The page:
LAURA ANDERSON Vs. STATE OF LOUISIANA, ET AL.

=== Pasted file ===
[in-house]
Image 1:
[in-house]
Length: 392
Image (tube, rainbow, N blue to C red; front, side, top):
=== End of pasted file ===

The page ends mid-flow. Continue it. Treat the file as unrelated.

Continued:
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STATE OF LOUISIANA COURT OF APPEAL, THIRD CIRCUIT 18-001 LAURA M. ANDERSON VERSUS STATE OF LOUISIANA, ET AL. ************ APPEAL FROM THE THIRTEENTH JUDICIAL DISTRICT COURT PARISH OF EVANGELINE, NO. 74738-A HONORABLE GARY J. ORTEGO, DISTRICT JUDGE ************ SYLVIA R. COOKS JUDGE ************ Court composed of Sylvia R. Cooks, Phyllis M. Keaty, and Van H. Kyzar, Judges. AFFIRMED IN PART; REVERSED IN PART; AND RENDERED. Chuck D. Granger Granger Law Firm 130 W. Vine Street P.O. Drawer 1849 Opelousas, LA 70571-1849 (337) 948-5000 COUNSEL FOR PLAINTIFF/APPELLANT: Laura M. Anderson David P. Salley A. Jacob Culotta, Jr. Salley, Hite, Mercer & Resor, LLC 365 Canal Street, Suite 1710 New Orleans, LA 70130 (504) 566-8800 COUNSEL FOR DEFENDANTS/APPELLEES: State of Louisiana, Office of Homeland Security and Emergency Preparedness and Marlys Sanders COOKS, Judge. FACTS AND PROCEDURAL HISTORY On April 23, 2013, Plaintiff, Laura M. Anderson, was driving her vehicle, a 2004 GMC Envoy, on West Lasalle Street in Ville Platte, Louisiana. Her vehicle collided with a 2012 Toyota Camry driven by Defendant, Marlys Sanders, who was in the course and scope of her employment with the State of Louisiana, Office of Homeland Security and Emergency Preparedness. The parties’ version of the events that led to the collision was vastly different. Ms. Sanders claimed she was being closely followed in the right lane of travel by Ms. Anderson’s SUV. Ms. Sanders noted Ms. Anderson was close enough behind her that she could see Ms. Anderson was talking on a cell phone. Despite her slowing down her speed considerably, Ms. Sanders testified Ms. Anderson did not change lanes to pass her vehicle. Noticing how close Ms. Anderson’s SUV was to her vehicle, Ms. Sanders stated she put her blinker on and began to move into the left lane of travel to allow Ms. Anderson to proceed past her vehicle. However, as she moved into the left lane she stated she heard an engine “rev up” and the vehicles slightly collided. Ms. Anderson testified she was proceeding in the left lane of West Lasalle Street traveling approximately twenty-five miles per hour. She noticed the vehicle operated by Ms. Sanders a little ahead of her in the right lane. According to Ms. Anderson, the vehicle driven by Ms. Sanders drifted into her lane. Despite blowing her horn to alert Ms. Sanders and slamming on her brakes, the two vehicles collided. Plaintiff presented the testimony of Nathaniel Thomas, who was a purported eyewitness to the accident. It was acknowledged that Mr. Thomas was married to Ms. Anderson’s father’s cousin. Mr. Thomas testified he was standing in the parking lot of the nearby Department of Motor Vehicles (DMV). Mr. Thomas 2 stated he saw the two vehicles prior to impact, but also stated he was not really paying attention to the vehicles. However, he heard a horn blow and then saw the vehicles collide. He stated the car “crossed over into the left lane and hit the SUV.” Officer Blade Bonnette, with the Ville Platte Police Department, was called to the scene. Officer Bonnette did not witness the accident, and the vehicles were moved off the roadway prior to his arrival. After interviewing the parties and Mr. Thomas, he did not issue any tickets to either driver. Plaintiff alleged she suffered injuries to her neck, right shoulder, right arm, back and both legs. A Petition for Damages was filed on April 15, 2014. A jury trial commenced on March 13, 2017 . Plaintiff alleged the accident was caused solely by the negligence of Ms. Sanders for failing to maintain a proper lookout and keep her vehicle under control. Plaintiff maintained Ms. Sanders changed lanes when it was unsafe to do so and failed to see what she should have seen. Plaintiff also alleged her injuries caused her past, present and future medical expenses and pain and suffering. After a three-day trial, the jury, after deliberating for twenty minutes, returned a unanimous verdict. The jury first found Plaintiff and Ms. Sanders both fifty percent (50%) at fault in causing the subject accident. The jury then found Plaintiff did not sustain any injury as a result of the accident and accordingly awarded her no general or special damages. Plaintiff filed a Motion for New Trial and/or a Motion for Judgment Notwithstanding the Verdict (JNOV) as to the findings of the jury as to both negligence and damages. They contended the evidence adduced at trial clearly demonstrated that Ms. Sanders was one hundred percent (100%) at fault in causing the accident and that she suffered compensable injuries from the accident. 3 The trial court issued oral reasons denying the Motion for New Trial and/or JNOV. The trial court stated it found the jury was attentive and that the evidence was sufficient to sustain the apportionment of fault reached by the jury. The trial court similarly found the evidence was sufficient for the jury to find Plaintiff did not suffer any injuries and/or damages as a result of the accident. Plaintiff has appealed the lower court judgment, asserting the following assignments of error: 1. The jury was manifestly erroneous in finding Plaintiff fifty percent (50%) at fault in causing the accident. 2. The jury was manifestly erroneous in finding Plaintiff suffered no damages or injuries as a result of the accident. 3. The trial court committed legal error in failing to grant Plaintiff’s motions for post-trial relief. ANALYSIS I. Jury’s Apportionment of Fault. In her first assignment of error, Plaintiff contends the jury manifestly erred in finding she was fifty percent (50%) at fault in causing the subject accident. The apportionment of fault is a finding of fact reviewed by this court under the manifest error standard of review. Stobart v. State, Dep’t of Transp. and Dev., 617 So.2d 880 (La.1993). Under this standard, we must review the record in its entirety and determine if the jury’s factual findings were clearly wrong or manifestly erroneous. Id. After reviewing the entire record, an appellate court may not reverse reasonable findings of the trial court, even if the appellate court would have reached a different conclusion if sitting as the trier of fact. Fontenot v. Patterson Ins., 09-669 (La. 10/20/09), 23 So.3d 259. As was briefly discussed above, the parties’ version of the events that led to the collision was vastly different. Plaintiff testified she was proceeding in the left lane of West Lasalle Street traveling approximately twenty-five miles per hour, 4 heading to a Dollar General store to shop. She stated she came nearly side by side with Ms. Sanders’ vehicle, which was traveling in the right lane of travel on West Lasalle Street. Plaintiff stated she saw “paper or a binder in front of her on a steering wheel and there was something in her hand” that “looked like a cell phone.” According to Plaintiff, the vehicle driven by Ms. Sanders drifted into her lane. Plaintiff did not see any turn signal activated on Ms. Sanders’ vehicle. Despite blowing her horn to alert Ms. Sanders and slamming on her brakes, the two vehicles collided. Plaintiff also presented the testimony of Mr. Thomas, who stated he saw the accident occur. Mr. Thomas acknowledged at trial that he was married to Plaintiff’s father’s cousin. Mr. Thomas testified he was standing right outside the door of the Department of Motor Vehicles (DMV). Mr. Thomas stated he saw the two vehicles prior to impact, but also stated he was not really paying “direct attention” to the vehicles. He stated he did not see any activated turn signal on Ms. Sanders’ vehicle prior to the accident. He acknowledged on cross-examination he could not be sure if one of the vehicles changed lanes right before the collision, or if the SUV was behind the car prior to changing lanes. Mr. Thomas’ previous deposition testimony stated he believed Ms. Sanders’ vehicle slowed down prior to the collision, though at trial he first stated Ms. Sanders’ vehicle did not slow down. Mr. Thomas also testified that he approached Plaintiff’s vehicle to see if she was okay following the accident. He stated he did not approach Ms. Sanders’ vehicle at the scene. Despite acknowledging he did not approach Ms. Sanders’ vehicle at the scene, he testified he saw papers in the front and back seat of her vehicle. On cross-examination, Mr. Thomas was asked how he was able to see papers in Ms. Sanders’ vehicle, and testified as follows: Q. And you said you did not speak to Ms. Sanders? A. No. 5 Q. You said you did not approach her vehicle? A. I didn’t. Q. How were you able . . . but you were able to see there was some papers? A. When she passed in front of the DMV I saw the cars as they passed and I looked across there and I could see that she had some stuff in her backseat and she had stuff in her front seat on the passenger side. Q. And you saw that from standing on the sidewalk? A. Oh yes sir. Officer Bonnette was the investigating officer called to the scene of the accident. His prior deposition was read to the jury at trial. Officer Bonnette did not witness the accident, and the vehicles were moved off the roadway prior to his arrival. He simply reiterated what the parties to the accident and Mr. Thomas related to him at the scene. After interviewing the parties and Mr. Thomas, he did not issue any tickets to either driver. Ms. Sanders testified on the date of the accident she was traveling from Lake Charles to the Police Jury building in Ville Platte on official business. She stated she first noticed Plaintiff’s vehicle when it quickly came up behind her in the right lane. Ms. Sanders noted Plaintiff was close enough behind her that she could see Plaintiff was talking on a cell phone. Despite her slowing down her speed considerably, Ms. Sanders testified Ms. Anderson did not change lanes to pass her vehicle. Being concerned how close to her vehicle that Ms. Anderson’s SUV was, Ms. Sanders stated she put her blinker on and began to move into the left lane of travel to allow Ms. Anderson to proceed past her vehicle. However, as she moved into the left lane she stated she heard an engine “rev up” and the vehicles slightly collided. Ms. Sanders gave the following description of the events that occurred immediately before the accident: 6 . . . So anyway I was just kind of keeping my eye out and I turned on to LaSalle and I, at some point, a few minutes later, realized that there was a very large SUV following me in the same lane (inaudible) very close to me and the reason I say it was close is because I could look into my rear view mirror and tell that the lady in the SUV was on her telephone and I said, well if I slow down considerably then she can go ahead and pass me and I don’t have to interrupt. That’s why I was in the right lane because I always choose the right lane to keep from impeding traffic which usually the faster traffic goes to the left lane anyway, but I . . . I . . . slowed considerably down. I probably, I’m gonna say between 10 and 15 miles an hour is all the speed I was doing because I was trying to watch her and watch where I was on the road to, to see where I got to the police jury and when she failed to go ahead and come around me then I said, well I will turn my blinker on and I’ll just barely ease over in to the left lane maybe where she can see me because she was terribly close and of course when I did and I probably had not gotten but my front tire over the line when I heard her engine rev up. I didn’t see her because as she came around me she was in my blind spot like you do when you come around you’re in somebody’s blind spot but I heard her motor rev up and when I did I tried coming back across and I must not have been, I don’t know, just barely across the center line when she just glancedly [sic] hit me and when we stopped, you know, she . . . I was probably five or six foot in front of her when we come to s stop after she . . . she hit me. The record establishes the jury was presented with two vastly different scenarios of how the accident occurred. The officer dispatched to the scene could offer little other than the parties’ version of the events, as the vehicles had been moved from the roadway prior to his arrival. Mr. Thomas, the eyewitness offered by Plaintiff, largely supported Plaintiff’s version of events, but acknowledged he was not paying “direct attention” to the vehicles. Despite his lack of focus and the fact that he was standing in the DMV parking lot across the street from the accident scene, he testified he was able to see papers in the back and front seat of Ms. Sanders’ vehicle. He also stated at trial he believed Ms. Sanders’ vehicle did not slow down prior to the accident, but was forced to acknowledge he testified differently in his earlier deposition testimony that Ms. Sanders’ vehicle did slow down just before the accident. He also admitted on cross-examination he could not be sure if one of the vehicles changed lanes right before the collision, or if the SUV was behind the car prior to changing lanes. 7 Our appellate standard of review requires that we affirm the reasonable findings of the jury, even if we may have reached a different conclusion if sitting as the trier of fact. Considering the conflicting testimony of the witnesses, we cannot say the jury was manifestly erroneous or unreasonable in its apportionment of fault in this case. Thus, we affirm the jury’s apportionment of fault in this case II. Jury’s Finding that Plaintiff Suffered No Injuries in the Accident. The medical testimony was clear that Plaintiff suffered from numerous pre- existing conditions prior to the subject accident. Plaintiff testified that prior to the April 23, 2013 accident she was treated for diabetes, high blood pressure, swelling to both legs and feet, heal spurs, bone spurs and morbid obesity. She was involved in a January 2009 automobile accident. As a result of that accident, Plaintiff complained of injuries to her neck, left arm, back and left leg. She became disabled due to these injuries, along with her previous problems stemming from her diabetes, high blood pressure and obesity. Plaintiff was also involved in a May 2012 automobile accident and complained of similar injuries as she suffered in an earlier 2009 automobile accident. The testimony of the physicians that treated Plaintiff clearly establishes she had a plethora of preexisting physical maladies. However, at issue herein is whether the medical testimony and records establish if Plaintiff’s medical condition was exacerbated or made worse by the subject accident. Dr. John Rainey began treating Plaintiff in 2009 and testified at the initial treatment, Plaintiff complained of back, left neck and left shoulder pain. He stated Plaintiff was a diabetic and had weakness in her legs which caused them to give out on occasions. He noted Plaintiff used a cane during that time to assist her in getting around. Dr. Rainey testified Plaintiff suffered a fall in April of 2011 and in August of 2011 complained of worsening pain in her back. Dr. Rainey felt that Plaintiff’s 8 symptoms were consistent with someone suffering from spinal stenosis and nerve disc impingement. He ordered Plaintiff to undergo a lumbar MRI. On May 30, 2012, Plaintiff sought treatment from Dr. Rainey following an automobile accident that occurred on May 22, 2012. Following that accident, she complained of increasing back pain to Dr. Rainey, who recommended she see Dr. George Williams, an orthopedic surgeon, for a “potentially higher level of care.” Dr. Rainey stated in his notes from September 13, 2012, that Dr. Williams was looking to obtain a cervical and thoracic MRI. Dr. Rainey did not treat Plaintiff again until after the subject accident. Two days following the subject accident, Dr. Rainey saw Plaintiff, who complained of shoulder pain and lower back pain, with pain radiating into her right leg. Dr. Rainey sent her to physical therapy, but Plaintiff reported that did little to alleviate her pain. Plaintiff continued to complain of neck and back pain in the months following the subject accident. Dr. Rainey again referred her to Dr. Williams for evaluation. Dr. Stephen Wyble, a pain management physician who treated Plaintiff both before and after the subject accident, testified via video deposition. Dr. Wyble stated he first saw Plaintiff on October 27, 2009, on referral from Dr. Williams for complaints of neck, left shoulder, left arm and lower back pain. He noted in his records that these issues were caused by a January 2009 automobile accident. He performed one cervical steroid injection on Plaintiff in connection with that accident. Dr. Wyble did not treat Plaintiff again until July 30, 2014, once more on a referral from Dr. Williams for possible neck and back steroid injections. Plaintiff reported to Dr. Wyble her problems stemmed from the subject accident. Dr. Wyble performed two cervical and two lumbar steroid injections, which Plaintiff 9 related brought her only limited relief. Dr. Wyble then began treating Plaintiff for general pain management and outlined a future pain management plan. Dr. Wyble also ordered an EMG in response to a recommendation by Dr. Neil Romero. The EMG did not reveal any cervical defects and Dr. Wyble felt it looked “good - - pretty normal.” He also testified he would defer any opinion as to the necessity of surgery to an orthopedic surgeon, such as Dr. Romero or Dr. Williams. Dr. Wyble stated, as regarding Plaintiff’s neck pain, that “based on the information I obtained from her, it would be related to the motor vehicle accident [of April 23, 2013].” As to the back pain, after noting Plaintiff had pre-existing issues with her lower back, he opined these issues were exacerbated as a result of the subject accident. On cross-examination, Dr. Wyble stated he was unaware that Dr. Rainey had been prescribing Plaintiff pain medications in the months prior to the subject accident. He stated that in his view this would deem Plaintiff a chronic pain management patient. Despite this, Dr. Wyble specifically testified that Plaintiff’s medical condition was “without a doubt, made worse” from the subject accident. Dr. George Williams, an orthopedic surgeon, first treated Plaintiff in August of 2009 relating to complaints she had from an automobile accident she was involved in on January 4, 2009. He treated her for complaints of neck pain radiating into her left upper extremity and lower back pain radiating into her left lower extremity. He referred her to Dr. Wyble for pain management. Dr. Williams also treated Plaintiff subsequent to another automobile accident that occurred in March of 2012. From that accident, Plaintiff complained of neck pain radiating into her left upper extremity, thoracic pain and back pain radiating into her left lower extremity. He noted during this time, Plaintiff was 10 using a cane to aid in walking. She was referred to physical therapy and continued conservative care. Dr. Williams did not see Plaintiff again until April 29, 2014, at which time he reported she was complaining of similar symptoms as before, but with pain now radiating into her right extremities. He again referred her to Dr. Wyble, who performed two steroid injections each on her neck and back. When the injections provided only limited relief, Dr. Williams, in December of 2014, recommended an anterior cervical decompression fusion of Plaintiff’s neck. Later, on February 3, 2016, Dr. Williams recommended lumbar spine surgery to alleviate her lower back problems. Dr. Williams specifically noted he disagreed with Dr. Romero’s opinion that Plaintiff’s right shoulder and arm pain complaints were not related to the subject accident. He was of the opinion the right sided complaints, were more probably than not, related to the subject accident. On cross-examination, Dr. Williams agreed the MRIs taken in 2009 showed disc protrusion with annular tears in Plaintiff’s cervical spine and a disc protrusion in her lumbar spine. He also agreed Plaintiff was a chronic pain patient by 2012, which was prior to the subject accident. Dr. Williams acknowledged that on November 13, 2012, Plaintiff was still reporting neck and lower back pain and his records noted “for the most part nothing had changed she was still having the same issues.” Dr. Williams further stated on cross-examination that on the day he first issued the recommendation for cervical surgery, Plaintiff was only reporting left sided radiating issues. Dr. Williams also stated it was possible Plaintiff would have needed surgery in the future solely based on the complaints she articulated in 2009 with regard to her neck and back. Dr. Neil Romero, an orthopedic surgeon, performed an examination on Plaintiff at Defendants’ request. He also reviewed all of Plaintiff’s medical records 11 dating back to 2009. Although he stated Plaintiff related to him her symptoms were “mild’ at the time of the subject accident, he found her prior treatment records revealed complaints of significant neck and back pain. Plaintiff informed Dr. Romero she had been disabled since 2012 but stated she was not sure why. Dr. Romero’s physical examination of Plaintiff revealed some pain with range of motion in her lower back. He found she exhibited limited range of motion in her neck, but intact strength and no deficit in her arms. Dr. Romero stated none of his objective testing produced any symptoms in her arms or legs. Dr. Romero reviewed the cervical and lumbar MRIs performed on Plaintiff, both before and after the subject accident. As to her neck, he found they were consistent with moderate arthritic changes and although they did reveal some bone spurs in her neck, he found the MRIs did not show “any evidence of nerve root impingement or cord impingement.” Dr. Romero found Plaintiff’s lumbar MRIs were “essentially normal.” Dr. Romero specifically noted the MRIs done before and after the subject accident were “essentially the same in both her neck and back.” Dr. Romero disagreed with Dr. Williams’ recommendations for both the cervical and lumbar surgeries. He specifically testified he felt that neither surgery had any significant chance of improving Plaintiff’s reported condition. Dr. Romero also testified it was his opinion that the risks of the surgical procedures recommended by Dr. Williams outweighed any potential benefits. Specifically, in testifying as to Dr. Williams’ surgical recommendations, Dr. Romero stated: A. Dr. Williams at the time was recommending a three level cervical fusion. I think he since he’s changed that to a four level cervical fusion. Um…I felt that cervical spine surgery for her neck would be to treat arthritic pain, more than likely that was pre-existing. I didn’t see evidence of significant stenosis or nerve root impingement that would explain her upper extremity symptoms so I felt that uh… doing a four level or three level cervical fusion was essentially to treat axial neck pain from an arthritic condition which we know is unpredictable. Uh…I didn’t feel that surgery had a significant chance 12 of improving her condition especially a multi-level cervical fusion which would likely leave her with a significant impairment after the surgery. I…I still feel that her MRI’s appear to be normal. Uh…to recommend a lumbar fusion on someone as young as her with normal appear [sic] MRI’s I just don’t think has a potential to help her. Um. . . Q. What more do you think maybe she…what should she be doing at this point with regard to her lumbar spine? A. Well if the recommendation for a fusion is based on an annular fissure which we don’t do fusions for disc protrusions with radicular leg symptoms if that does exist. We do decompressions. Uh…a lumbar fusion is…is typically indicated for spinal instability or advanced arthritic changes that cause debilitating back pain. Um…it’s…it’s used to stabilize an unstable spine or treat a severely arthritic spine or a severely stenotic spine. Um…I felt that if…if the recommendation for a fusion was based on discogenic or axial back pain then…then another procedure such as a discogram could’ve been performed to confirm that. It would’ve also showed the annular tear which was not present on any of the MRI scans. Um…but my recommendation was not operative treatment for her lumbar spine. I just didn’t feel that the potential risk of surgery outweighed the benefits with a lack of information that we had to make a surgical recommendation. On cross-examination, Dr. Romero did note that “[b]ased on the records that predated her accident. . ., all of her symptoms appear to be in her upper left extremity.” He then noted in the emergency room after the accident in question she complained of right shoulder pain. Dr. Romero also confirmed that Dr. Williams’ records indicated Plaintiff complained of pain in her right upper extremity. Plaintiff testified as to her numerous prior health problems and prior accidents. She stated prior to January of 2009, she was treated for diabetes, high blood pressure, swelling to both legs and feet, heel spurs, bone spurs and morbid obesity. Plaintiff also confirmed she was involved in an automobile accident in January of 2009, following which she complained of pain in her neck and back, with pain radiating into her left arm and leg. These injuries, combined with her diabetes, high blood pressure and obesity, led Plaintiff to seek total disability status with the Social Security Administration (SSA). 13 Plaintiff testified she was involved in another automobile accident in May of 2012. She testified she suffered injuries in the same areas as the January 2009 accident. Plaintiff insisted her complaints of injuries were to her back, neck and left side of her body. Plaintiff testified she began having problems with her neck, back, right shoulder and right arm immediately after the subject accident and went to the emergency room of Mercy Regional Hospital in Eunice. She then was treated for these problems by Dr. Rainey, Dr. Williams and Dr. Wyble. She testified the pain she felt in her right extremities following the subject accident was new and different than prior to the accident. Plaintiff testified she had bariatric surgery in March of 2016 and has lost approximately 100 pounds since the procedure. She stated she no longer took medication for diabetes and high blood pressure and her goal was to lose enough weight to get cleared for neck and back surgery. She testified her goal was to relieve her pain enough to return to work. Plaintiff testified she was currently treating with Dr. Wyble for her pain management. She said her pain was still similar to the period following the subject accident and she has “good days” and “bad days.” On her “bad days” she does not leave home and has difficulty moving around. Lastly, Plaintiff acknowledged being in two “minor” automobile accidents in 2014, wherein she maintained her vehicle sustained only very slight damage. She said the impact of each accident was very minimal. On cross-examination, Plaintiff testified she was involved in an automobile accident in 2009, following which she treated with Dr. Rainey, Dr. Williams and Dr. Wyble for problems with her neck and back. She stated due to these injuries, she was no longer able to continue working at a corrections facility and sought 14 disability benefits. She eventually sought a declaration of permanent disability through the SSA. She testified she informed the SSA she could not sleep, had depression, could not perform household chores and could not drive her vehicle. She specifically stated she could only walk approximately ten steps before needing to rest. Plaintiff testified these assertions she made to the SSA only reflected her “bad days.” Plaintiff also explained she received a medical evaluation from Dr. Scott Chapman in connection with her 2009 application for total disability. Plaintiff confirmed Dr. Chapman diagnosed three herniated discs in her cervical spine and one herniated disc in her lumbar spine. Plaintiff also confirmed Dr. Chapman’s report showed she was taking fifteen separate medications, although she stated she was not taking one of the medications listed. Plaintiff also confirmed she did complain to Dr. Rainey about pain radiating into her right leg prior to the subject accident. She acknowledged she received an injection of Toradol for the pain in her right leg from Dr. Rainey. A review of the medical records and testimony from her treating physicians establish without question that Plaintiff suffered from numerous pre-existing conditions prior to the subject accident, including, but not limited to, diabetes, high blood pressure and morbid obesity. The record also reveals Plaintiff was involved in several other automobile accidents which contributed to problems with her neck and back. The record clearly establishes that with her history of prior injuries and conditions, Plaintiff was in poor physical health at the time of the subject accident. In fact, she had been declared disabled years prior to the subject accident and had been deemed a chronic pain patient for several years. However, 15 [t]he defendant’s liability for damages is not mitigated by the fact that the plaintiff’s pre-existing physical infirmity was responsible in part for the consequences of the plaintiff’s injury by the defendant. It is clear that a defendant takes his victim as he finds him and is responsible for all natural and probable consequences of his tortious conduct. Bienemann v. State Farm Mut. Auto. Ins. Co., 08-1045, p. 4 (La.App. 3 Cir. 2/4/09), 3 So.3d 621, 623 (quoting Lasha v. Olin Corp., 625 So.2d 1002, 1005 (La.1993)). Nevertheless, before recovery can be granted for aggravation of a preexisting condition, a causative link between the accident and the victim’s current status must also be established. Lasha, 625 So.2d 1002; Edwards v. LCR-M Corp., Inc., 41,125 (La.App. 2 Cir. 7/12/06), 936 So.2d 233. We find the testimony of the physicians in this case establishes, more probably than not, that Plaintiff’s pre-existing maladies were exacerbated by the subject accident. Dr. Rainey testified the subject accident exacerbated her problems, although he acknowledged on Plaintiff’s first visit with him in 2009 she had already been declared disabled because of chronic back pain. When asked on cross-examination whether he believed the subject accident caused the problems she is dealing with currently, Dr. Rainey responded, “I believe, that’s a part of it, yes sir.” Likewise, Dr. Wyble was adamant that the injuries incurred by Plaintiff in the subject accident exacerbated her pre-existing problems. In attempting to answer a question asking him to quantify the degree to which Plaintiff’s current condition could be related to the subject accident, Dr. Wyble stated: A. See, you - - you take a patient who’s already beat up, and you put her in another car wreck, and she’s more beat up. And her complaints have changed. So when I saw her in 2009, she had left sided complaints. Now I don’t know what happened in between. Apparently Dr. Rainey, you’re telling me, was taking care of her. So I don’t know what happened. All I know is when she came to me she stated that - - I knew she had pre-existing problems, but that she was doing okay. And clearly now she was doing worse. It does appear that she was on medications before. And she is probably going to 16 need them lifelong. I think she was, without a doubt, made worse from this accident. Clearly had a chronic pain condition before. Q. So you’re not able to say which - - what percentage of this amount would be the result of an April 2013 accident, are you? A. It was broke. You broke it more. And you bring it to me, and all I can do is tell you what it needs. Clearly, while Dr. Wyble was reluctant to put a percentage on how much of Plaintiff’s current condition was related to the subject accident, he was adamant that “she was, without a doubt, made worse from this accident.” Dr. Williams was also unequivocal in his belief that Plaintiff’s physical condition was made worse by the subject accident. He specifically related her right sided complaints of pain to the injuries she endured from the subject accident. While Dr. Romero’s conclusions and testimony indicated his belief that Plaintiff did not suffer any new injuries as a result of the subject accident, and, in his opinion, the proposed surgeries by Dr. Williams were not in Plaintiff’s best interest, he did not specifically testify that Plaintiff’s problems were not exacerbated by the subject accident. We also note, in closing arguments, counsel for Defendant made the following statement to the jury: But I do admit the night of the accident she went there (the hospital), she clearly, probably had an aggravation from the inj . . . the accident that occurred earlier in the day and she and she had the medical records that she incurred these expenses. . . . She incurred these medical expenses subsequent to our accident and I suggest that on the first line under past medical expenses you give her the $40,0000 that we stipulated to, that she incurred since April 23rd of 2013. Defendants argue in brief that this statement was only to stipulate to the amount of medical costs incurred since the accident, in an attempt to “expedite matters at trial.” They assert there “was never any stipulation that the stipulated medical costs were incurred as a result of injuries caused by the subject accident.” While we agree with Defendant that arguments of counsel in closing statements are not 17 evidence, we do find a clear reading of counsel’s statement to the jury indicates its acknowledgment that Plaintiff suffered “an aggravation” from the injuries incurred in the subject accident. While we cannot say the jury erred in determining there were no new injuries suffered by Plaintiff in the subject accident, the above referenced statement by counsel for Defendants, coupled with the uncontroverted medical testimony that the subject accident aggravated Plaintiff’s pre-existing problems, convinces us the jury manifestly erred in concluding Plaintiff suffered no injuries. Therefore, we reverse that finding of the jury. III. Quantum. We next address the appropriate amount of damages due to Plaintiff. Finding the record is sufficiently complete, we will conduct a de novo review of the record to determine the amount of damages due Plaintiff for the aggravation of her pre-existing injuries. Landry v. Bellanger, 02-1443 (La. 5/20/03), 851 So.2d 943. A. Special Damages. Our review establishes it is not clear from the record when Plaintiff’s chronic neck and back pain returned to its “pre-accident state.” This is particularly so as Plaintiff clearly has suffered from serious and ongoing pre-existing problems. However, the visit to the emergency room on the date of the subject accident as well as the subsequent visits to Dr. Rainey, Dr. Wyble and Dr. Williams, which were all “stipulated” to by Defendant, seem sufficiently related to the subject accident to be deemed compensable. The medical documents from these visits note Plaintiff’s involvement and the subsequent aggravation of her pre-existing injuries from the subject accident. Accordingly, we find the jury erred in failing to award past medical expenses in the stipulated amount of $40,167.30, and so render same to Plaintiff. 18 Plaintiff also requests, as she did to the jury, that we award her the amount of the two surgical procedures recommended by Dr. Williams. The first was an anterior cervical discectomy and fusion, with an estimated cost of $139,302.00. The second surgical procedure was a lumbar transforaminal interbody fusion, with an estimated cost of $148,553.00. Plaintiff argued in brief there was no testimony that she would have had to potentially undergo surgical treatments to her cervical and lumbar spine “as a result of any prior conditions or accidents.” However, Dr. Williams acknowledged on cross-examination that it was possible Plaintiff would have needed surgery in the future solely based on the complaints she articulated in 2009 with regard to her neck and back. Moreover, the jury was informed Dr. Chapman, who evaluated Plaintiff in 2009 in connection with her application for total disability, opined that it could be necessary for Plaintiff to undergo surgery to halt the progression of her motor and sensory deficits. The jury also heard testimony from Dr. Romero that neither surgical procedure recommended by Dr. Williams had any significant chance of improving Plaintiff’s reported condition. Dr. Romero also testified it was his opinion that the risks of the surgical procedures recommended by Dr. Williams outweighed any potential benefits. Thus, we cannot say the evidence at trial established the necessity of the recommended surgical procedures, and we decline to award the projected costs of these procedures to Plaintiff. Plaintiff also requested the jury award her future medical costs for a pain management regimen recommended by Dr. Wyble, which he maintained Plaintiff would require for the remainder of her life. The costs associated with this program, which was to be for 396 months, was estimated by Plaintiff to be $177,431.63. For the following reasons, we find the record does not support this award. 19 The pain management program Dr. Wyble proposed is essentially the same regimen Plaintiff has been following since 2009. As set forth earlier, in Dr. Chapman’s report of 2009 it indicated Plaintiff was taking fifteen separate medications. The records also established Plaintiff continuously was taking prescription pain medications in the years prior to the subject accident, and she had numerous pain medication prescriptions filled in the months just prior to the subject accident. The medical testimony was also clear that Plaintiff was classified as a chronic pain patient years prior to the occurrence of the subject accident. Therefore, we decline to award medical costs for the pain management regimen recommended by Dr. Wyble. B. General Damages. We next turn to the issue of general damages. Finding the record established Plaintiff suffered an aggravation of her pre-existing neck and back problems as a result of the subject accident, we find an award of general damages is appropriate in this case. “The primary objective of general damages is to restore the party in as near a fashion as possible to the state he or she was in at the time immediately preceding injury.” Daigle v. U.S. Fidelity and Guar. Ins. Co., 94-0304, p. 7 (La.App. 1 Cir. 5/5/95), 655 So.2d 431, 437. Based on the record before us, we find a general damages award of $100,000.00 would justly compensate Plaintiff for the injuries sustained. See Pannell v. Encompass Ins. Co., 06-1601 (La.App. 3 Cir. 5/2/07), 956 So.2d 152 (this court awarded $90,000.00 in general damages for injuries to a motorist’s neck and shoulder with an aggravation of a pre-existing lower back condition where the motorist had one, possibly two herniated discs); Dugas v. Derouen, 01-1397 (La.App. 3 Cir. 7/3/02), 824 So.2d 475, writ denied, 02-2131 (La. 11/15/02), 829 So.2d 426 (this court awarded general damages of $70,000.00 for an aggravation of a pre-existing disc condition and TMJ condition, broken rib and cervical strain); 20 Guidry v. Millers Cas. Ins. Co., 01-01 (La.App. 1 Cir. 6/21/02), 822 So.2d 675 ($50,000.00 awarded by the appellate court for an aggravation of a degenerative lumbar condition not requiring surgery, but, resulting in continuing lifetime symptoms); and Rabalais v. Mason, 01-925 (La.App. 5 Cir. 1/15/02), 807 So.2d 983 (the appellate court increased a general damage award to $50,000.00 for a plaintiff who suffered an aggravation of a pre-existing degenerative arthritic condition in an automobile accident). DECREE For the foregoing reasons, the portion of the jury’s verdict finding each party fifty percent at fault in causing the subject accident is affirmed. The portion of the jury verdict finding Plaintiff, Laura M. Anderson, suffered no injuries as a result of the accident is reversed. Judgment is rendered awarding Plaintiff $40,167.30 in past medical expenses and $100,000.00 in general damages. All costs of this appeal are assessed equally between the parties. AFFIRMED IN PART; REVERSED IN PART; AND RENDERED. 21